Pineapple Tart
Adapted from, The Country Housewife and Lady's Director, Part II (1732), Richard Bradley
Both recipes from, Fresh from the Past, recipes and revelations from Moll Flanders Kitchen, by Sandra Sherman

Note: Wine and sugar were thought to moderate the sharpness of pineapple - the combination appears in most early pineapple recipes.

Pastry for custards (see below*)
One medium pineapple, ripe (preferably extra sweet)
Half cup of Madeira wine
Quarter cup firmly packed light brown sugar
One egg white (optional)
Half-cup heavy cream for serving

Preheat oven to 425 F.
Roll out top and bottom pastry for nine-inch tart pan. Line pan with bottom pastry. Cut top pastry into half-inch strips; set aside.
Twist crown off pineapple. Quarter, core and peel. Cut pineapple into quarter inch chunks. Simmer with wine and sugar until pineapple color deepens slightly (about thirty to forty minutes). Cool.
Fill pastry-lined pan with pineapple mixture. Arrange pastry strips over filling to create a lattice. Seal strips at edges and trim excess pastry. Brush lattice with egg white, if desired. Bake until golden brown, about thirty to forty minutes.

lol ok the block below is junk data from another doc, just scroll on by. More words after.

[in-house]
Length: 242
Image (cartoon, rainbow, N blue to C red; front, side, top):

Serve warm, topped with cream.

* Pastry for Custards
Three quarter cups (one and one half sticks) cold butter
One and three quarter cups flour
Two egg yolks
Three tablespoons heavy cream

Slice butter into quarter inch pieces. Cut butter in flour until texture resembles course cornmeal. Add egg yolks and cream. Knead by hand just until dough holds together in ball. Cover dough ball with plastic wrap and refrigerate fifteen minutes. Roll out as needed.
For a sweet pastry for custard, add three tablespoons sugar when incorporating yolks and cream.

Parmesan Cheese Ice Cream
Adapted from, The Compleat Confectioner, Hannah Glasse (c. 1760)

Note: Parmesan cheese was carried from Italy by mule over the Apennines Mountains. Cane syrup is available in most specialty and Asian markets.
The flavors of cane syrup and Parmesan cheese are worlds apart, but they blend together so that each complements the other. Without a doubt, this ice cream can be served for dessert. However, there are Italian versions made without sugar that are served between courses to clear the palate.

Two cups heavy cream
Two tablespoons cane syrup (see note above)
One-cup light corn syrup
Half-cup sugar
Six eggs, well beaten
Three ounces Parmesan cheese, finely grated (about one cup loosely packed)

Cook cream, cane sugar, corn syrup, and sugar on medium heat until liquid is hot to touch. Whisk in eggs. Cook, stirring constantly until mixture thickens or reaches 170 F. Add cheese and stir until well mixed, about one minute. Strain through fine sieve, discarding solids. Allow to cool. Freeze in ice cream maker according to instructions.

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